Out of the Ginger Jar Advice from early 1900's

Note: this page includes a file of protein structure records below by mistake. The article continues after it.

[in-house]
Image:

OUT OF THE GINGER JAK. The fast man is pretty certain to fall behind. What three vowels express trouble? I. O. U. It will probably never be known what the hand-saw. • Be sure you are right, and then don't make a fuss about it. There is many a man who isn t worth what it costs him to live. Every dog has his day, and too many of them have their nights also. The blacksmith may be an expert forger without being arrested for it. Nature is a good doctor, but she makes her patients pay to the last cent. • What the corn heard with its own ears the potatoes saw with its own eyes. Few men know what is good for them until some wise woman has told them. The money that a woman spends Is never for the bonnet, But always for the fancy things The milliner puts on it. The rich are known by their dollars, but the humble 'onion is known by Its scent. Tbe farmer who has lost his half- bushel measure was in more than a peck of trouble. The foolish trust to the safety-pin, but the wise see to it that the buttons are well sewed on. It is easier to climb down a tree than to climb up, which explains why the top Is never crowded and,, why there is always room there. We are none of us any better than we ought to be and many of us are a great deal worse. The farmer has a good many mouths to feed; he Is even obliged all through the winter to feed .the fodder cutter. Sometimes when a man is pretending to be looking for a wife he is merely hunting a good cook. Beware of such. —From October Farm Journal.